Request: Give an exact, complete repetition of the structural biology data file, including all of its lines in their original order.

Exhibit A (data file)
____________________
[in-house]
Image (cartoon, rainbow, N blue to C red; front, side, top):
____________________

[in-house]
Image (cartoon, rainbow, N blue to C red; front, side, top):